What is a Catastrophic Injury Under Georgia Workers’ Compensation Law?
Georgia workers’ compensation law defines a catastrophic injury as one that includes one of the following:
(1) spinal cord injury involving severe paralysis of an arm, a leg, or the trunk;
(2) Amputation of an arm, a hand, a foot, or a leg involving the effective loss of use of the appendage;
(3) Severe brain or closed head injury;
(4) Second or third degree burns over 25% of the body as a whole or third degree burns to 5% or more of the face or hands;
(5) Total or industrial blindness.
(6) In addition, a claim is catastrophic if it meets the following definition: any other injury of a nature and severity that prevents the employee from being able to perform his or her prior work and any work available in the national economy for which such employee is otherwise qualified.
If your injury is deemed catastrophic the 400 week cap on weekly wage benefits does not apply. This means that, in theory, you could collect weekly wage benefits for the rest of your life.
Large Settlement Value in Catastrophic Cases
Medical and rehabilitation costs in catastrophic cases will usually be much higher than in a regular case. In some cases, we have been able to obtain an court order from the State Board to force the insurance company to modify a client’s bathrooms, bedrooms and floorplan to accommodate for a wheelchair or other assistive device.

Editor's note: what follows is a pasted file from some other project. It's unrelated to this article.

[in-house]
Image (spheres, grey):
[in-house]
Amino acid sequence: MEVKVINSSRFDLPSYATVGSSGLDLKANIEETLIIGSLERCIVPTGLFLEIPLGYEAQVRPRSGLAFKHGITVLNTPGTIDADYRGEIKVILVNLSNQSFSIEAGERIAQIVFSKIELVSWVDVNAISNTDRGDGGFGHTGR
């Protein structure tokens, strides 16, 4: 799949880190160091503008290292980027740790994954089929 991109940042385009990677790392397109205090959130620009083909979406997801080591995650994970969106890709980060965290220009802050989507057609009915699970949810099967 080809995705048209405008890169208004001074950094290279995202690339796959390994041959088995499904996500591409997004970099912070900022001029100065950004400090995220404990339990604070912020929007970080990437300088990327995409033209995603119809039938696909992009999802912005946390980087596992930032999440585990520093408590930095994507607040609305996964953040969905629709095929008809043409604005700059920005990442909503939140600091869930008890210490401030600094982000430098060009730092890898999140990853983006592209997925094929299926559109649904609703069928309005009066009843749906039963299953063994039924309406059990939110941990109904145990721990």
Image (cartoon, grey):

Because the costs to the insurance company can be massive, we usually get significant pushback from the insurance adjuster or insurance defense lawyer when we start the process to have our client’s injury declared catastrophic. We will need to collect and present medical evidence, vocational evidence and other documentation to prove our case.
Because there are no limits on the insurance company’s exposure for lost wage benefits or medical care, the settlement value of catastrophic cases can be very high. However, we have to be careful before agreeing to settlement because an injured worker with a catastrophic injury probably won’t be going back to work soon, if ever. Usually settlements in these cases involve Medicare set asides and coordination with a Social Security disability attorney (Jonathan Ginsberg of our firm is an experienced disability attorney who can help).
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